UBC Theses and Dissertations

UBC Theses Logo

UBC Theses and Dissertations

Restoration of plant communities to red-burned soils DeSandoli, Lisa Ann


Fire, natural or anthropogenic, is a common occurrence in the open forests and grasslands of Western North America. The effects of fire on soil and vegetation depend largely on the soil temperatures and the residence time of the burn. Generally, the more severe the fire, the more significant the changes are to soil and vegetation. The relationship between the most severe fires, or where the soil has been oxidized to a red colour, and invasive species is unknown. Resource availability may increase on these soils, leading to favourable conditions for invasive species, or the disturbance may be so severe that nothing is able to grow indefinitely. I performed two studies to investigate the relationship between invasive species and red-burned soil. To reduce the threat of interface fires near Kamloops, BC, excess timber was harvested, piled and burned on site (pile burning), created multiple burn scars denuded of vegetation and large areas of red soil. In the first study, I investigated soil nutrient flux differences between red-burned and unburned soil using ion-exchange resin technology. I also investigated three restoration methods to control invasive species: the addition of agronomic or native seed, the addition of arbuscular mycorrhizal fungi (AMF) inoculum, and the addition of soil cover. Non-native species cover was high on red soil 2 years post-burn, which may be linked to measured increased nutrients. Only the addition of agronomic seed was successful at suppressing non-native species cover. The second study compared the growth of native, agronomic and invasive species on unburned and red-burned soil in a greenhouse study. Soil was collected in the field and transferred to a greenhouse. Treatments were soil burning, AMF, and watering. Burning increased aboveground biomass for the native species. AMF addition increased invasive species aboveground biomass for the invasive species, but decreased biomass for agronomic and native species. Watering increased aboveground biomass for the agronomic and invasive species. The findings here suggest that pile burning creates areas that are susceptible to colonization of non-native species. Restoration efforts should be directed at these sites as soon as possible to ameliorate the effects of invasive species colonization.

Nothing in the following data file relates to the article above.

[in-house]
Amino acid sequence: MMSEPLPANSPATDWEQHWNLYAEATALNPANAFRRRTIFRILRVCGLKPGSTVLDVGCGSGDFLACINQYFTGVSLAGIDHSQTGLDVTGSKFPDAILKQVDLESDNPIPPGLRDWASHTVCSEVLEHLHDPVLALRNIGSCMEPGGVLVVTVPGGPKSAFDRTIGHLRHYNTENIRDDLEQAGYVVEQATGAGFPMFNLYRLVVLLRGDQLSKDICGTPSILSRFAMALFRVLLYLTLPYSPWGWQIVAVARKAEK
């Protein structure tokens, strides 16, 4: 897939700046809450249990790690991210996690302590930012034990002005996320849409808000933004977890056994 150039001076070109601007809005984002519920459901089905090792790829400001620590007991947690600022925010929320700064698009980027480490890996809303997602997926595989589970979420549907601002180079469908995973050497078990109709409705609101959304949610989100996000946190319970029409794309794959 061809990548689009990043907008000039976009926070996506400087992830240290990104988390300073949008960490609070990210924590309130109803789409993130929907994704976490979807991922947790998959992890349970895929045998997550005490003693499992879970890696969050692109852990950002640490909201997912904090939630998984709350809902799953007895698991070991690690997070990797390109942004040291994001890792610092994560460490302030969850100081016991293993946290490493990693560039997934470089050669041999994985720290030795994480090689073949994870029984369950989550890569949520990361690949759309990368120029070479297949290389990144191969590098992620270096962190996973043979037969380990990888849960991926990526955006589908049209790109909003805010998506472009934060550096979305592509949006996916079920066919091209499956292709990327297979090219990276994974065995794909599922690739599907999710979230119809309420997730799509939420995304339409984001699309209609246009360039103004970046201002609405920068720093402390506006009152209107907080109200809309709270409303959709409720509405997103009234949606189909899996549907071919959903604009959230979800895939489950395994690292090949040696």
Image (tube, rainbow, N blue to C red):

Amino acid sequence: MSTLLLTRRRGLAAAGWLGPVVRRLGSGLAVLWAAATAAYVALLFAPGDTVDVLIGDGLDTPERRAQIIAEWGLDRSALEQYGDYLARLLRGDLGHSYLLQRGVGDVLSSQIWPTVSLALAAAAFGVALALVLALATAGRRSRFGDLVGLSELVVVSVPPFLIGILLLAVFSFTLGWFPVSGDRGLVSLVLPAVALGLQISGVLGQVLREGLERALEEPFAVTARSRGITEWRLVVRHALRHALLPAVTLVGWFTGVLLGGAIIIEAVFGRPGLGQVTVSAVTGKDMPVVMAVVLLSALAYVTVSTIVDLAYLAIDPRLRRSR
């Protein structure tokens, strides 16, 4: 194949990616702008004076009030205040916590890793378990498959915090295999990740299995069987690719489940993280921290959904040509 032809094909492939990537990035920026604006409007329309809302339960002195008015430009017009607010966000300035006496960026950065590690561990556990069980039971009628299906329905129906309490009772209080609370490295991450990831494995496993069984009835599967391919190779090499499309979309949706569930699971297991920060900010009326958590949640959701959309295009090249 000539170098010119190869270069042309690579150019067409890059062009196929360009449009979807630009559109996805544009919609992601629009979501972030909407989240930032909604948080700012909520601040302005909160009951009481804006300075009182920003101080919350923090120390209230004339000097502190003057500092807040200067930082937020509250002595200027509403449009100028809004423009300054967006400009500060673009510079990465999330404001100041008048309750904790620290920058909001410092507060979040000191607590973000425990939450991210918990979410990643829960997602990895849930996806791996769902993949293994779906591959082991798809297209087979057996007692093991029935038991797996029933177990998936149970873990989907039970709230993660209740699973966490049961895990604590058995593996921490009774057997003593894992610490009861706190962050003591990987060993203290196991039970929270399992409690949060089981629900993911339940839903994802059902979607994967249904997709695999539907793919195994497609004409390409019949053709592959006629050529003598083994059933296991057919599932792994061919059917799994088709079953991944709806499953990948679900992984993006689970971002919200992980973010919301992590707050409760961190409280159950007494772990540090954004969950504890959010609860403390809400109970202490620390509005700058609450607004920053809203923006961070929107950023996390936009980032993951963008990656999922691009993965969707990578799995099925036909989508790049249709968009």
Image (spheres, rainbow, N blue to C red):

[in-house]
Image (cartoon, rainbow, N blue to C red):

Item Media

Item Citations and Data


Attribution-NonCommercial-ShareAlike 3.0 Unported